The main source sound came from a patch Sam had made with Korgs “little bits”. It was a reese patch - whereby the main bulk of the sound comes from two phasing oscillators only slightly out of pitch with each other. This makes the oscillators clash with each other sonically, creating a thicker sound with movement, that changes with the subtlest of pitch change for either oscillator. It was done with two saw waves, then a keyboard was used to control the overall main pitch, and a filter and delay at the end for modulation; sound crafting and flavour. On top of this Espen had control over the phone movement to adjust the sound input further, and also accompanied with the sampler playing some percussion on the laptop, generated from the visual studio code project recorded and set up a couple of days ago This was then sent to Trondheim via the phone.

Basic Feedback diagram
Sams “Little bits” synth setup

In Trondheim Sepehr worked on setting up the analog Korg modules, as another expansion to the instrument, by receiving the signal from the manipulated sound, coming from the Oslo and being processed with spring delay and a frequency shifter on Jørgen’s laptop. The chain for included a microphone, delay, filter on one side and a noise maker on the other side, both going to the mixer and then to the speaker. The spring delay effect on the signal being sent from the oslo, was controlled with a phone, using its motion sensors routed over the UDP connection to a Max for Live device in Ableton. Finally both Jorgens processed through Ableton and Sepehrs analog signal both played out at the same time in both campuses.

Basic Feedback diagram
Trondheim output Map
Basic Feedback diagram
Jørgens Ableton Chain

Setup Trials & Tribulations

Our first point of action was to establish an audio connection between campuses over the phone. We realised we would run out of time when it, due to some technical issues, turned out that we were not able to get the signal into Ableton on Sam’s computer. So, we started to work the other way around, trying to get the signal through from Sam’s Samsung, using Google Hangouts - and into Ableton on Jørgen’s computer in Trondheim.

However, with Sam’s phone having only 10% battery left and no available power supply, Oslo started working on backup solutions. This was either sending from using Espen’s iPhone (or laptop worst case), and frustratingly, google hangouts did not want to connect properly on Espens phone.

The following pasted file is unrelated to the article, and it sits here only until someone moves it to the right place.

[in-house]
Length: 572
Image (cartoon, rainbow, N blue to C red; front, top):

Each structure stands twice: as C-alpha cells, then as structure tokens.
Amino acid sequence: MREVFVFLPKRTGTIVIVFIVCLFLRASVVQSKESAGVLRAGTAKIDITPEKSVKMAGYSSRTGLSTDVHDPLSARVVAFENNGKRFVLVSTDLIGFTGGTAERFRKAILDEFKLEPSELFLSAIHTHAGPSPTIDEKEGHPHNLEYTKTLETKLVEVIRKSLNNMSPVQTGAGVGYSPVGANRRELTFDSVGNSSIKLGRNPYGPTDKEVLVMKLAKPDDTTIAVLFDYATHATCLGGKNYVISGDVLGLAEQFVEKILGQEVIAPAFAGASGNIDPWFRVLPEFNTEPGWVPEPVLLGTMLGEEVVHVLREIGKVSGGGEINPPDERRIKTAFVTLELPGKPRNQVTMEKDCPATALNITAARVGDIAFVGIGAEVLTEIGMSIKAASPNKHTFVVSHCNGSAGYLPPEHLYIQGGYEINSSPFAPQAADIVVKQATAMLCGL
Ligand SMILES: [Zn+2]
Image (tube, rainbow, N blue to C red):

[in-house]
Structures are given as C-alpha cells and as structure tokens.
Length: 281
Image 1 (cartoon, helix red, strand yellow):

The performance

As the clock was ticking towards performance things got a little heated, as everyone got a little stressed. With 5 minutes left we wrapped up, everybody barking at each other, and once more told our self that this is an experimental concept - Or rather - an experiment. If everything failed, we could always refer to Murphy’s law! So, after some nail biting 15 minutes, it was our turn: Some fiddling and confusion (and biting some more nails!) we were ready for the event: It started fine. Then, after a minute or something, Oslo realized we could not hear Trondheim. Everything stopped. Then, as if in some kind of anthill, everyone in the room started to check things out. One minute and 30 seconds later it worked, and - EUREKA!

Basic Feedback diagram
Sam and Espen performing

We ended up with a concept that seemed to actually kind of work! Sam as a Virtuoso on the Korg, Espen moving the cell phone around, - and with Trondheim in total control of the processing of the sound with phone sensors and littleBits, - we believe we managed to make an interesting “feedback”based event. And - after the performance we got? What else - good feedback. Thank You!

As a basis for an idea this could go on to further experimentation and ideas, different sound sources, possibly many locations, as well as utilising the feedback for effect. Other ways you could “play” this instrument is using the world around you as a input signal - the portability of the telephone is advantageous in this way. Even acoustic experiments passing the signal back and forth until it is unrecognisable could be an idea…… Possibilities seem endless!

TEAM A